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how vector area of a closed surface is zero?

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- Thread starter Manisha Punia
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- #1

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how vector area of a closed surface is zero?

- #2

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You should explain the context, as well as your mathematical experience. There are varying ways we can answer your question. The best way to answer your question, if I'm understanding it correctly, goes beyond multivariate calculus. What course is this for?how vector area of a closed surface is zero?

- #3

lurflurf

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Manisha Punia made the question more specific.

Consider the (vector) area of a cube

the sides have area

i

-i

j

-j

k

-k

The area of the cube is the sum of the sides

area=i-i+j-j+k-k=0

Consider the cube with one face removed

area=-i+j-j+k-k=-i

Notice the area of the cube with one face removed is the additive inverse of the area of the removed face.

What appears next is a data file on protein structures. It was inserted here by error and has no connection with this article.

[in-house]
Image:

Call two surfaces whose union is closed complementary.

We are setting up a system of area with desirable properties.

-The area of the union of two surfaces is the sum of the area.

-The areas of complementary surfaces are additive inverses.

-The area of the empty surface is zero

The empty surface is complementary to any closed surface, so any closed surface has area 0.

Another approach is to assign (vector) area to the boundary of a surface. Closed surfaces have no boundary so the boundary has area 0 so the surface has area 0.

- #4

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I did say theMandelbroth can you explain what you mean by goes goes beyond calculus? That is very much a first year calculus question.

Then again, I tend to lean on that theorem a lot more than I need to.

- #5

lurflurf

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- #6

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=\iiint_V \nabla \cdot \vec i~dV = 0## and similarly for ##\vec j## and ##\vec k##, so all three components are zero.

- #7

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Not the Stokes' Thoerem I'm talking about. :tongue:

LCKurtz's method is also good (though it actually follows from the generalized Stokes' Theorem! ).

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